Johan Andersson, rendering architect at DICE, held a presentation called “Shiny PC Graphics in Battlefield 3” at GeForce LAN 6, which took place on the USS Hornet Aircraft Carrier, October 14-16. Andersson’s talk focused on five graphical components in Battlefield 3: objects, lighting, effects, terrain, and post-processing.
In the third video, Andersson said effects have always been a big topic, because due to the various vehicles and all the action occurring in the game, developers can’t just “script” the multiplayer portion. According to the Andersson, different effects need to interact with the environment straight out of the box and be both dynamic, and interesting in nature.
In order for this to work, effects in the game need to be made up of thousands of big and small particles. To DICE, it was essential that all particles in the game, whether mesh or sprite, fit in and interact with the environment.
“One of the key things we found out while working with our effects, is that it’s not really the individual look of the effect but that it fits into the environment,” he said. “The biggest part of this is lighting. Most games just use a single texture around the particle, and it can look pretty okay with a static lighting environment, but with our intertaction within [Battlefield 3’s] environments, adding proper effects to our lighting and particles adds a lot. So, it’s all about lighting, again.”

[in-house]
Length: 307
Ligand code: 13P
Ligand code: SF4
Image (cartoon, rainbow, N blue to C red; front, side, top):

According to various presentation slides, particle lights should light up both themselves and the surrounding surfaces, which make the entire environment “fit together very well.”
A second slide during this portion showed what the game looks like with shadow particles both on and off, and the viewer will see an obvious difference between the two.
“There’s a traditional problem in many games, where light sources don’t receive shadows themselves,” said Andersson. “They have this strong sun lighting up the particle, which is pretty easy to do, but you need to have areas of the scene, especially in urban environments, to have different particles with shadows.”
It’s a very techy presentation, which is to be expected when speaking at a PC-related event. You can watch the entire presentation below, in five parts.
Also, to find out how well your PC will run Battlefield 3, Nvidia has provided a link to its GPUAnalyzer. We ran it, and apparently our ATI Radeon HD 5700 Series is “below the game’s recommended specifications.” Great.
Battlefield 3 is out in the US today, and hits the UK on Friday. PC reviews can be found here.